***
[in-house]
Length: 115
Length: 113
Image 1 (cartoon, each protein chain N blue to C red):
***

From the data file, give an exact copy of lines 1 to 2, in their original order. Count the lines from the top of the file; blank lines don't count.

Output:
[in-house]
Length: 115